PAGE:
Thursday, July 12, 2007

Family renovations

Warning: I know some people who read this blog are still struggling to bring home their first child, so if you're sensitive to the subject of trying for an additional child, then it's probably best to skip this post. I won't be offended.


I started writing this post almost two months ago, but I never felt very good about it. The gist of it was trying to justify the idea of possibly stopping with just one child, despite wanting two for as long as I could remember. If you'd asked me then about wanting another child, I'd probably have said, "No way in hell." Two months later and I'm still not fully swayed in the other direction, but I'm coming around to at least being receptive to the idea in the future. Not anytime soon, but sometime in the future. I've got a mess of thoughts in my head, plenty on each side, so I'm going to use this post to sort them out as best I can right now.

As I said, I've always wanted two children; I grew up with one sibling, which I loved, and the world seems to be made for a family of four. But several things make me hesitate about trying for another one. One, of course, is the knowledge that trying for a baby doesn't automatically equal a baby nine months later. Possibly going through another miscarriage is a daunting thought to me, especially now that I really know what I'd be missing with that child since I do have one of my own now.

Going through another pregnancy is a mental block at this point, too, for a couple of reasons. I know each pregnancy is different, but it's hard for me to imagine enduring the constant, severe morning sickness I dealt with before--but with having to take care of a young child on top of it. So many days I was completely incapacitated and it was all I could do to drag myself to work, so it's exhausting to think about going through that again with more responsibilities on my plate. Looking back, I think my gallstone attacks during pregnancy were worse than the great labor and delivery experience I had (no epidurals are available for gallstone attacks!), so the increased risk of such attacks makes me nervous. However, the second half of my pregnancy experience, as well as my labor and delivery, were very easy compared to what they could have been. I never got any swelling. I didn't get huge. I didn't tear or have an episiotomy. I didn't require a c-section. I had to push for only 30 minutes. Nursing, while difficult in the first two weeks, turned out to be a successful venture. However, there's no guarantee that I'll have it that easy next time around.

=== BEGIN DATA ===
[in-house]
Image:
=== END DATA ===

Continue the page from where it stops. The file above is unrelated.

Baby B has been a dream baby so far; she's so happy it's almost unbelievable, and we've been so fortunate with how good of a sleeper she is. But what if the next one is a "terror" (again, on top of having to deal with Baby B)? What if the next one doesn't sleep as well as Baby B has since the beginning? Would Baby #2 always be measured up to Baby B and never quite be able to fill her big shoes? All very valid questions without answers.

Then there's the idea of two children, especially if they're close in age. Would I be able to devote enough of my time to both of my children, especially since I have to work and already have just a few hours with Baby B each night as it is? I wouldn't want to neglect Baby B, of course--that's not fair to her--yet a newborn requires so much attention. And the thought of two kids in diapers at the same time is a little intimidating. And could we afford daycare for two?

But I can't help but feel uneasy at a decision to not have another child. If it turns out this is the only baby we're able to have, I would eventually be 100% okay with that, as I do not take Baby B for granted and thank the universe every single day that I have her. But something deep inside tells me I'm not done, that things are not yet as complete as I'd like. Growing up with a sibling teaches you so many things that you just cannot learn elsewhere, not even from a daycare or school environment. I think I'm better for having grown up with a sister (especially one so close in age; we are 18 months apart), and I know Baby B would be, too. And you know what? Sure, having two young children would be a challenge, but I've always embraced the thrill of a challenge in other areas of my life, so the fear of the challenge shouldn't be enough to keep me from trying to take that path.

Of course I know that no decisions need to be made right now. The Husband and I will probably re-visit the subject periodically so we can make sure that whenever we do reach a decision to try to add to our family, we're on the same page about it. As of right now, having kids approximately three years apart sounds ideal, but give it another month, six months, or another year, and that opinion will likely change (likely several times...and probably in both directions). In the meantime, I really try to make the most of my time with Baby B, taking in all the little joys of being around a young infant, just in case this ends up being my only child, either by choice or by circumstance.


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